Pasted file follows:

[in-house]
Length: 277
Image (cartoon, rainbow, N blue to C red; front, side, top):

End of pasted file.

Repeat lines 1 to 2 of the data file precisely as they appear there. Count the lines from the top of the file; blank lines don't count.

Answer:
[in-house]
Length: 277